Friday, 13 July 2018

Partnership approach pays dividends

Lawyers from a Telford firm have joined forces with a network of city-based barristers to offer a fresh approach to family disputes.

The family law team at Martin-Kaye Solicitors, in Euston Way, Telford, is working with experts in Birmingham, to develop an arbitration scheme that could speed up difficult cases.

Gemma Himsworth, who leads the Martin-Kaye family division, said she and her colleague Jane Tinsley were in talks with some of the city’s top barristers.

“Arbitration is a little-known option for family disputes, but it’s something that we believe could be increasingly useful – particularly in the current climate when the court system is struggling and creating huge delays.

“There is of course no such thing as a quickie divorce, but the arbitration option is definitely something that could help ease the pressure on the legal system and help resolve family issues in a shorter time.”

Mrs Himsworth said divorce itself was a relatively straightforward process, as long as those involved had someone to assist with the correct paperwork.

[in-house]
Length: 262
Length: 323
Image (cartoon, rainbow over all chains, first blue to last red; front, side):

“But the divorce doesn’t deal with the finances such as dividing up the house, business, income, and other assets – this is the part that often takes the longest time and costs the most money.

“We already regularly refer clients to mediation, but if the case can’t be resolved that way, traditionally the only other option has been for both parties to go to court.

“Now, thanks to our discussions with Birmingham-based barristers, we can suggest arbitration where both sides jointly appoint a fair and impartial family arbitrator to resolve the dispute.

“It’s a flexible and completely confidential process, but the huge advantage over something like mediation is that it results in a final decision – if both sides still can’t agree after arbitration, the arbitrator will make a decision for you.”

Mrs Himsworth said the arbitration process did come at a cost as the arbitrator had to be paid, but it often still led to cost savings because it led to a faster decision, potentially cutting down on the amount of time people had to maintain two households and two mortgages.